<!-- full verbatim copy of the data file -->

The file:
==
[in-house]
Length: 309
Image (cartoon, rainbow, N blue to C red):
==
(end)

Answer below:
[in-house]
Length: 309
Image (cartoon, rainbow, N blue to C red):